Since its launch in 1948, the NHS has grown to become the world’s largest publicly funded health service. It is also one of the most efficient, most egalitarian and most comprehensive. The NHS was born out of a long-held ideal that good healthcare should be available to all, regardless of wealth – a principle that remains at its core. This section gives an overview of the changes and milestones of the NHS in England from its launch in 1948 to the present day. Taken together, the four National Health Services in 2015-16 employed around 1.6 million people with a combined budget of £136.7 billion. NHS net expenditure (resource plus capital, minus depreciation) has increased from £75.822 billion in 2005/06 to £117.229 billion in 2015/16. Planned expenditure for 2016/17 is £120.611bn.
The NHS net deficit for the 2015/16 financial year was £1.851 billion (£599m underspend by commissioners and a £2.45bn deficit for trusts and foundation trusts). In the 2015 Care Quality Commission inpatient satisfaction survey 84 percent of 83,000 respondents rated their overall experience as 7 or more out of 10. 84 per cent felt that they were always treated with dignity and respect while using inpatient services/83 per cent felt they were ‘definitely’ provided with enough information about their condition by the person that referred them but 98 per cent felt their hospital room or ward was ‘very’ or only ‘fairly’ clean.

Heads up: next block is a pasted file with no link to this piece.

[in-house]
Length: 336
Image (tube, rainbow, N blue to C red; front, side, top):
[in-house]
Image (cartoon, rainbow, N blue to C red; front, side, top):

I believe that the NHS is great in its own way of helping patients and saving most lives although I disagree that it is perfect. It needs improvements such as expanded parts added onto hospitals to make more wards, patient opinions should be taken in and not just immediately turned down and lastly more employees to help patients. There were 30,000 more deaths than expected in England and Wales in 2015. Peer reviewed research by the London School of Hygiene & Tropical Medicine, Oxford University and Blackburn with Darwen council was published in the Journal of the Royal Society of Medicine. The research claims the increase happened during “severe cuts” to the NHS and social care, which compromised their performance. Relevant NHS performance data was studied showing almost all targets were missed. Researchers concluded: “The evidence points to a major failure of the health system, possibly exacerbated by failings in social care.” The percentage rise in mortality was the largest in nearly 50 years and the excess was the largest in the post war period.